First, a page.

Quantifying the climate impact of emissions from land-based transport in Germany

J. Hendricks, M. Righi, K. Dahlmann, K.-D. Gottschaldt, Volker Grewe, M. Ponater, R. Sausen, D. Heinrichs, C. Winkler, A. Wolfermann, T. Kampffmeyer, R Friedrich, M. Klötzke, U. Kugler

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Although climate change is a global problem, specific mitigation measures are frequently applied on regional or national scales only. This is the case in particular for measures to reduce the emissions of land-based transport, which is largely characterized by regional or national systems with independent infrastructure, organization, and regulation. The climate perturbations caused by regional transport emissions are small compared to those resulting from global emissions. Consequently, they can be smaller than the detection limits in global three-dimensional chemistry-climate model simulations, hampering the evaluation of the climate benefit of mitigation strategies. Hence, we developed a new approach to solve this problem. The approach is based on a combination of a detailed three-dimensional global chemistry-climate model system, aerosol-climate response functions, and a zero-dimensional climate response model. For demonstration purposes, the approach was applied to results from a transport and emission modeling suite, which was designed to quantify the present-day and possible future transport activities in Germany and the resulting emissions. The results show that, in a baseline scenario, German transport emissions result in an increase in global mean surface temperature of the order of 0.01 K during the 21st century. This effect is dominated by the CO2 emissions, in contrast to the impact of global transport emissions, where non-CO2 species make a larger relative contribution to transport-induced climate change than in the case of German emissions. Our new approach is ready for operational use to evaluate the climate benefit of mitigation strategies to reduce the impact of transport emissions.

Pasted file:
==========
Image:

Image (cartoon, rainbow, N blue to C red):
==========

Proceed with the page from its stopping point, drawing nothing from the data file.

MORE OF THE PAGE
Original languageEnglish
Number of pages21
JournalTransportation Research. Part D: Transport & Environment
Publication statusPublished - 2017


  • Regional transport
  • Emissions
  • Climate change
  • Climate modeling
  • Transport modeling
  • German transport system


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